Heartworks, a local grass-roots non-profit organization whose focus is on acts of kindness, has been incredible. They truly leave me speechless (which if you know me, is difficult to do) each time I try to describe the difference they have made in our lives. They provide emotional support, offer prayers for healing for our sweet Cam, send reminders to Caitlin and Caroline that they are just as important as Campbell, fed Greg and the girls while Campbell and I were in Boston, drop off random gift cards for a little treat at Starbucks, for a girls' outing to get our nails done, pizza for dinner on Fridays during Lent. In addition to these many "little" things, these amazing women hosted a pie fundraiser last fall and a Valentine's pop sale in February, both benefitting Cam's medical trust.
An incredible group of local women, who have labeled themselves the "Sister of the Bar" (and no, not THAT kind of bar :-) - they exericse together at the Bar Method in Bernardsville), sold awesome t-shirts during the holidays to benefit Cam. They have now teamed up with Atelier Salon & Spa in Basking Ridge to host a "Cuts for Campbell" benefit on Sunday, April 29th. The Salon will be open from 10-4, with all services available and all proceeds from services that day going to Campbell's medical trust. If you are interested in making an appointment, contact the Salon directly at 908-766-4630
Lastly, Campbell's fans have moved beyond the Bernardsville/Basking Ridge area. The bowling team from JP Stevens High School in Edison, NJ, who have never met Campbell, hosted a fundraiser on February 28th. Their coach is a neighbor and friend of Campbell's grandparents in Dayton, NJ. Unbelieveable. The kindness of people is astounding. These are kids who have no personal connection to Campbell. There event is called GAGA, for Give a Gift Away. The gift they gave away that day has already made an impact on Campbell's life.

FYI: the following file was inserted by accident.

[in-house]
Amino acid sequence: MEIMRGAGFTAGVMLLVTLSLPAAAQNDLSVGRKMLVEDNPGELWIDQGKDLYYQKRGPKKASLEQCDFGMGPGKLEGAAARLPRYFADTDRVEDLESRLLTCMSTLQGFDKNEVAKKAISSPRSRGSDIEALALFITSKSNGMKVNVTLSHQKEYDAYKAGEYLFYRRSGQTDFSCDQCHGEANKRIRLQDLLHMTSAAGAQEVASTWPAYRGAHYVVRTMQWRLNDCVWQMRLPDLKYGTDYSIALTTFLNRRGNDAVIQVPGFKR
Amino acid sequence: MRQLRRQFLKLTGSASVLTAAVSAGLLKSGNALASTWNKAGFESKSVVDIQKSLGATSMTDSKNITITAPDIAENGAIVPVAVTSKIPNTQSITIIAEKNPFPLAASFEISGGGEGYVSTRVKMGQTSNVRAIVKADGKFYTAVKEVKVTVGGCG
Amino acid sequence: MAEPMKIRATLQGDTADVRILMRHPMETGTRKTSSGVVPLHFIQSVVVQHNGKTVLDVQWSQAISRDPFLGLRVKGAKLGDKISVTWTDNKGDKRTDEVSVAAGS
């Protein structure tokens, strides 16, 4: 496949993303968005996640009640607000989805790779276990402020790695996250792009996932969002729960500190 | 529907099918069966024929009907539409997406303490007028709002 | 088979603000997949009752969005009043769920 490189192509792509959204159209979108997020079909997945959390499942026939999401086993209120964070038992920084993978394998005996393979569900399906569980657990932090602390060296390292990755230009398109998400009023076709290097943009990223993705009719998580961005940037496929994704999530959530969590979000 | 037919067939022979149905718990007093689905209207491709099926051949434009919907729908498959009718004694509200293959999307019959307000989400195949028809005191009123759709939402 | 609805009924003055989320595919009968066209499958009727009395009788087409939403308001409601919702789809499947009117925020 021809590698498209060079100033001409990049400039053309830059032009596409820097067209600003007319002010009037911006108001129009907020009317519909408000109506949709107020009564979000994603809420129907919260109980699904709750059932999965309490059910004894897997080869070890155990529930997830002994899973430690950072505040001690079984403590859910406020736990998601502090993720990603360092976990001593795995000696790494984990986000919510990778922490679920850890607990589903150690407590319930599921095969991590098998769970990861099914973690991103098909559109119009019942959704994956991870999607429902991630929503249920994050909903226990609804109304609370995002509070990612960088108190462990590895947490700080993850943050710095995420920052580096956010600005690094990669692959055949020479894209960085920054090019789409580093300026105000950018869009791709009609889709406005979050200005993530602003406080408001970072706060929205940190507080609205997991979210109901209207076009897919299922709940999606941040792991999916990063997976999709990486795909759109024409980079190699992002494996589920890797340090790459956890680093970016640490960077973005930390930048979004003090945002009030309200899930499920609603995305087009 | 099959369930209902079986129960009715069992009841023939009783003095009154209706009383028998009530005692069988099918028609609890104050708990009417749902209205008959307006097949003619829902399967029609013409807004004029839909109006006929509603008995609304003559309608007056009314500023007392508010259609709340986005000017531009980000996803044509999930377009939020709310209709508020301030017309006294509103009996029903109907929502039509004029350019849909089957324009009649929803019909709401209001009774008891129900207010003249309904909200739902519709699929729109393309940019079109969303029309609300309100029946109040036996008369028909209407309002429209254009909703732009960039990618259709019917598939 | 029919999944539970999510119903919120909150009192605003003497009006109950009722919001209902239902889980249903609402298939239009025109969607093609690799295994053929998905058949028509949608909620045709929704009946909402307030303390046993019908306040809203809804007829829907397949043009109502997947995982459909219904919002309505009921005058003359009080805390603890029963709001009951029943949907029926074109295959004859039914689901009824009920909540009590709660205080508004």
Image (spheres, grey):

Even bigger than simply helping Campbell, all of these events have raised awareness for a subject very close to our hearts. Childhood Cancer. Before Campbell was diagnosed, I would turn away from the St. Jude's commercials, the bald children were too sad to look at. I am embarassed to admit my shameful behavior. Campbell's diagnosis opened my eyes, Greg's eyes, Caitlin and Caroline's eyes... the list goes on. I was disturbed when I starting researching about cures. There is very little federal money spent on Childhood Cancer research. Even worse, many organizations who I instantly thought would be a good avenue for research for kids like Cam, shocked me when I learned they spend $.01 of every dollar raised on kid's research. That's it. The kids are our future.
I have become very vocal of my disdain for these organizations and praising organizations like St. Baldrick's, Alex's Lemonade Stand, Cookies for Kids' Cancer, CureSearch and last, but certainly not least, the CERN Foundation. The CERN Foundation is the one organization that will best be able to help Campbell, and the other 6% of childhood cancer patients diagnosed with Ependymoma. Their sole focus is researching a cure for Ependymoma. In fact, today, April 19th, 2012, is the first ever Ependymoma Awareness Day. In celebration of today, I ask all of you to continue to raise awareness. Tell Campbell's story, including the name of her cancer - Anaplastic Ependymoma - to one new person. It is through awareness that funding will be raised and a cure will be found.
With love, gratitude and humility,